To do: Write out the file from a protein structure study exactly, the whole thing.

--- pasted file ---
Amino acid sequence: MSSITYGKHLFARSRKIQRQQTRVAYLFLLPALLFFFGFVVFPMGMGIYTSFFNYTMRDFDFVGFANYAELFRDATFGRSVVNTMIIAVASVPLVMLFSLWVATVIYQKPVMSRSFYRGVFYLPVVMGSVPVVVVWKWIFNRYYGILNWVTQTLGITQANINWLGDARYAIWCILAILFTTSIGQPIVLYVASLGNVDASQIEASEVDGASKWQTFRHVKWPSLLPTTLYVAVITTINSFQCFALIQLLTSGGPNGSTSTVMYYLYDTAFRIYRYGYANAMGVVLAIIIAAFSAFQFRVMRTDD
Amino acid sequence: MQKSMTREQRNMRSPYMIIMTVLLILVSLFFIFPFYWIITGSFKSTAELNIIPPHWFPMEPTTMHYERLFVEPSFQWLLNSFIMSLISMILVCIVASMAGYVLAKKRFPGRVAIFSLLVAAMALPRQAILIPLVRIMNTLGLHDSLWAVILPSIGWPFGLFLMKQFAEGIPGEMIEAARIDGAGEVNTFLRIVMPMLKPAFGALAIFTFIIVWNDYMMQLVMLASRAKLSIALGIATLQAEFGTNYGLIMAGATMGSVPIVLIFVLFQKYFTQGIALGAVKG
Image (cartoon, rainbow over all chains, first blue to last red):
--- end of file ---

Amino acid sequence: MSSITYGKHLFARSRKIQRQQTRVAYLFLLPALLFFFGFVVFPMGMGIYTSFFNYTMRDFDFVGFANYAELFRDATFGRSVVNTMIIAVASVPLVMLFSLWVATVIYQKPVMSRSFYRGVFYLPVVMGSVPVVVVWKWIFNRYYGILNWVTQTLGITQANINWLGDARYAIWCILAILFTTSIGQPIVLYVASLGNVDASQIEASEVDGASKWQTFRHVKWPSLLPTTLYVAVITTINSFQCFALIQLLTSGGPNGSTSTVMYYLYDTAFRIYRYGYANAMGVVLAIIIAAFSAFQFRVMRTDD
Amino acid sequence: MQKSMTREQRNMRSPYMIIMTVLLILVSLFFIFPFYWIITGSFKSTAELNIIPPHWFPMEPTTMHYERLFVEPSFQWLLNSFIMSLISMILVCIVASMAGYVLAKKRFPGRVAIFSLLVAAMALPRQAILIPLVRIMNTLGLHDSLWAVILPSIGWPFGLFLMKQFAEGIPGEMIEAARIDGAGEVNTFLRIVMPMLKPAFGALAIFTFIIVWNDYMMQLVMLASRAKLSIALGIATLQAEFGTNYGLIMAGATMGSVPIVLIFVLFQKYFTQGIALGAVKG
Image (cartoon, rainbow over all chains, first blue to last red):